In terms of other good decisions, I've made I think one of the best decisions I’ve made is partnering with someone that I enjoy working with early. I never planned on this being a “real business”. I thought this would just be a solo side hustle, and I quickly realized that there’s so much to do and there was no way I was going to be able to do it myself. And it was tricky because, you know, I had never met my partner before. We still haven’t met in person to this day – I live in Australia; he lives in Spain. So, it’s a little nerve-racking, a little tricky, but we’ve grown to admire each other, and we work well together, we complement each other’s skills well. So I think taking on a partner early was a really wise decision.
In terms of things that have been tricky, I don’t think there are any real poor decisions we’ve made, although I do think we priced our SaaS subscription service too high to start. We priced it at $45 per month or $450 per year, and it was a little bit tricky to justify that pricing. That pricing may be coming down soon, and that’s ultimately OK. Pricing is a very tricky thing to get right, and although it goes against conventional wisdom, I’d actually rather start high and then be forced to lower it, than start too low and then have to raise it.
What platform/tools do you use for your business?
The beautiful thing about running a newsletter business is how simple your tech stack can be. Our stack is very straightforward. Our site is hosted on WordPress, we use ConvertKit for sending our emails, and we use Memberful integration to handle our subscriptions and membership access, which integrates with both ConvertKit and WordPress.
It is so simple. WordPress is just a phenomenal CMS. I know there’s a lot of other fancy no-code solutions out there, but to me, WordPress is just the original CMS, and it’s the most popular CMS in the world by far and for a good reason – it just works.
I also am a huge fan of using Google Docs. Most of our data analysis is done in Google Docs and Airtable, and a lot of our backend processes run through Airtable via a Python script as well.
So it’s a very simple stack, and I like the simplicity of it. It makes my life a lot easier.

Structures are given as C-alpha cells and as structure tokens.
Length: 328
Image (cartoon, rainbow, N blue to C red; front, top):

What have been the most influential books, podcasts, or other resources?
I’m a fan of both trends.co and trends.vc. Both are examples of communities done well. In terms of podcasts, I like the My First Million podcast with Shaan Puri and Sam Parr from The Hustle. I also listen to a lot of Lex Friedman because he thinks outside the box and isn’t afraid to be himself, and Jim O’Shaughnessy from Infinite Loops is terrific as well.
Advice for other entrepreneurs who want to get started or are just starting out?
I think there are two phases to understanding if you have something really special. The first is, as we know, product-market fit, which in my case was newsletter-market fit. There’s been a ton written about this, and there’s not a whole lot more new to say about it. It’s tough to define, but “you know it when you see it.”
However, one thing I think entrepreneurs neglect is marketing fit. I think that a lot of entrepreneurs forget how important marketing is — especially technical entrepreneurs. They think “if you build it, they will come”. And that’s just not quite true. Instead of neglecting marketing, entrepreneurs need to find acquisition channels that work for them. You’re going to have to spend money, and you’re going to make mistakes. It’s trial and error, but you have to find something, or your product won’t ever take off. Much like product-market fit, you should have at least one channel where “it just works.” You know it when you see it. The numbers are working, the unit economics are good. It just works.
For us, we’re lucky enough to have success sponsoring other newsletters. That’s our primary marketing channel. Whatever it is you’re building, you’ve got to find a marketing channel that just works.
Where can we go to learn more?
If you have any questions or comments, drop a comment below!